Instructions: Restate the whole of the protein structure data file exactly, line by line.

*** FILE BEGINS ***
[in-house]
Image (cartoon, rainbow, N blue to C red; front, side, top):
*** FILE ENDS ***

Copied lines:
[in-house]
Image (cartoon, rainbow, N blue to C red; front, side, top):